The Michigan Wolverines beat the Maryland Terrapins 38-7 on Saturday, improving to 7-2 on the season. During the game, quarterback Shea Patterson hit wide receiver Nico Collins deep for a 51 yard gain.
Shea Patterson 51 yard bomb to Nico Collins! Nice catch by Collins! pic.twitter.com/hKfWAKTy1D— I'M SEEING GHOSTS (@FTBeard11) November 2, 2019
The long reception put Michigan within striking distance of the end zone, and they would score a touchdown two plays later.
Collins has been the biggest vertical threat for Michigan this season, in stature and in terms of production.
“He has a dynamic element to our offense where you have to pay attention to every snap and most of the time when he is one on one, he is going to go up and get it so I think he draws a lot of attention to himself,” Shea Patterson said after the game.
Whether it’s hauling in a 50-50 ball or drawing a pass interference penalty, good things can happen when the ball is sent Collins’ way. Even when Collins isn’t receiving the ball himself, his presence leads to double teams.
“If there’s two guys covering one, now they’re playing with nine. That’s big. Randy Moss had that kind of effect,” Jim Harbaugh said earlier in the week about Notre Dame doubling Collins. Harbaugh would know, he played against Moss and was his coach during the 2012 season when the San Francisco 49ers went to the Super Bowl.
Through nine games this season, Collins has 22 receptions for 439 yards and 3 touchdowns. The 6-foot-4 target is averaging 19.95 yards per reception and has receptions of 28-plus yards in 7 of 9 games this year.
Moss’ 1997 season at Marshall provided highlight reel grabs and eye-popping numbers, hauling in 96 receptions for 1,820 yards with 26 touchdowns. As great as those numbers are, Moss’ yards per reception average was eerily similar to what Collins has this season. In ‘97, Moss’ average was 19.0, and Collins’ is 19.95 in ‘19.
While Collins won’t get peppered with targets like Moss did two decades ago, his production to this point warrants trust from Patterson and targets thrown his direction when they present themselves.
“That’s big. You know when a receiver draws attention too, he draws double coverage a lot. That happened last week and some today,” Harbaugh said. “But you recognize that and it helps your running game, too. Because now our receivers are occupying two defenders. But he’s got a knack for it. He’s as good as I’ve seen in a long time with going up and then making the contestant catch it at its highest point.”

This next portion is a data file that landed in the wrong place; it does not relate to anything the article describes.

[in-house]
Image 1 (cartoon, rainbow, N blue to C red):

Collins has some of the main attributes that make up a good pass catcher. He’s tough and physical, he’s tall and fast, he’s inclined to catch with his strong hands and not let the ball hit his body. Collins aims to high point the football and win those 50-50 balls. “Everytime, a 50-50 ball, you compete for it. And half of the time, kinda bigger than the defensive back so I just go up and make the play,” Collins said Saturday.
Collins passes the eye-test when it comes to whether Michigan should continue to push the ball deep down the field in his direction. If there’s a one-on-one situation between Collins and a defender, he’s earned more targets being sent his way, whether it’s a 50-50 ball in the end-zone or a deep pass down the field. If a defense is leaving itself open to getting punched in the face, take the shot to Collins. Expect to see that more during the final stretch of the season.
As Harbaugh noted, even when Collins isn’t catching passes, his presence is felt and he impacts how a defense goes about attacking Michigan’s offense. And when that happens, there’s a Randy Moss type of effect going on. Helping out the run game, drawing double teams, drawing pass interference penalties against the defense, being a reliable red zone target, hauling in 50-50 balls on deep patterns, Moss was able to do all those things and now Collins is doing the same at the collegiate level.
The more targets Collins receives, the more the nation will see that he is truly an elite receiver that could be a top draft pick when he decides to turn pro.